Over Summer, I mostly hung out with the alcoholics, drug users, and indigenous people on the street. After I was away sick for a week, early March, I came back to find most of them had gone. Why? It's not easy to work out. I think it is mostly a range of factors..
First: it was getting cooler, and while it is easy to maintain a '24hr party' with hot days and warm nights, when it gets cold consistently, people start looking for warmth and shelter. Warren was the master of sleeping rough and not being bothered by the cold, he seemed totally immune to it. He was one of those gone when I returned from my week away sick. I always wondered where he had gone for the last six months. I had a phone number for his mum at her home in the country, he had trusted me with, but I was pretty sure he would not have returned there, and I didn't feel I could call her up without his permission, as there were probably issues there. Then just a few weeks ago, I found him on the street again. He was excited to see me and told my he had got himself a place to rent further up north, and was doing much better. He wants me to come up and visit him there as soon as possible. After a while we sat down on the sidewalk and he was shivering from the cold. I had almost forgotten about it with my thermals. I offered him one of my tops or a blanket, but he refused (out of pride) and just sat there for the next hour shaking. I said to him "the cold never even bothered you before?" and he replied that even for him "once you have had it good living in a heated flat, it's impossible to go back" (to not being bothered by the cold). Infact a lot of people are like Warren in such that they come in to the city over Summer, party all night and day, and then head back out to the country over the Winter. It's also as good as a holiday to have a mental break by leaving the city for a few months and just getting away while it's cold. This particularly applies to the indigenous community.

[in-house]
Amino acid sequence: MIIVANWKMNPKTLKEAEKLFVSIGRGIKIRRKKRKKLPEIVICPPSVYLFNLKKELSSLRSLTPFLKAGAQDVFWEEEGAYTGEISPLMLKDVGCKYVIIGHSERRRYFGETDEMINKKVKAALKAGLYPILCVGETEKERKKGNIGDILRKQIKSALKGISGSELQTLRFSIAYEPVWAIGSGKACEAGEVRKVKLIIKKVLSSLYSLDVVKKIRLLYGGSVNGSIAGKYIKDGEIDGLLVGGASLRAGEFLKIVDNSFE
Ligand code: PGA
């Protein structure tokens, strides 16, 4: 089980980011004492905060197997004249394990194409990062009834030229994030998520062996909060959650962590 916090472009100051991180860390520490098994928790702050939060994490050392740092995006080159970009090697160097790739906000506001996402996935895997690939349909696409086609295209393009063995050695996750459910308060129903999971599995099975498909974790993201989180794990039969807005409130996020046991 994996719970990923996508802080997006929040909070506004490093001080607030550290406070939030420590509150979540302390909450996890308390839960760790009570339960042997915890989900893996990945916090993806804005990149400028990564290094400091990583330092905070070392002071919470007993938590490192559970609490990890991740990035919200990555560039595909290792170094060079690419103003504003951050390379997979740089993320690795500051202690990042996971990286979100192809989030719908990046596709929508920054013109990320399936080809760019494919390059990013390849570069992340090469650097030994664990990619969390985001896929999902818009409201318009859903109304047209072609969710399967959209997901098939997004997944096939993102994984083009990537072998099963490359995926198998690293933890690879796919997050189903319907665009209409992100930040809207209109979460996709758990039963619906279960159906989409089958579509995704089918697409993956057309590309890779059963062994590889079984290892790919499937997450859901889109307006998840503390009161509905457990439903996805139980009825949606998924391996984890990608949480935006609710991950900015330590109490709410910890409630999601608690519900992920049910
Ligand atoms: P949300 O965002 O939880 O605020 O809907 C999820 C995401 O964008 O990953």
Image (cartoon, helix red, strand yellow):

Another reason why people disappeared was that they went back to jail. BJ soon disappeared after he told me he was due back in court for assault. When I first met him on the street he told me about how hard life was to cope with (personal drive and responsibility) and he expected to have fun for a while, then 'muck up' and return to the safe routine jail. His own words becoming a self fulfilled prophecy.
Also, late March, I was told (from a reliable source) of an official Police crackdown in the area. In other suburbs you are allowed to drink publicly (such as Smith St Collingwood) but where it was banned around Swanston St in the city the police response changed from checking up on things every few hours, to an immediate response the moment someone sat down with a drink. Once I was sitting down at the meeting place and along came Robbie and he opened up a can of VB and along came the cops within 5 minutes. They told him 'there's a new boss, and we have to enforce the rules now..' I chuckled, as it implied they didn't enforce the rules in the past, which they certainly did. Which is totally fine in my eyes. They are there to protect the community and enforce the law, and it's probably in the community's best interests not to have excessive drinking and drunkenness around such an open public area of the city. Even Dougy was told he would be left alone as long as he didn't come up to the top end of town, and stayed away for months.
So people I had started building relationships moved on, and that was ok (I have caught up with most of them again at different points over the Winter), but it made it a lot harder for me to find people to sit and talk with. I felt the wind had gone a bit out of my sails, but it worked out well as my eyes were opened to another social group. Those street people that were no threat, not into any crime, but were hanging around all day and night, just chatting to each other. They were the Disability Pension group, and I started to get to know them.